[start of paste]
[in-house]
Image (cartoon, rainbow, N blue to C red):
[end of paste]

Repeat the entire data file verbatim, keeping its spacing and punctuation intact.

[in-house]
Image (cartoon, rainbow, N blue to C red):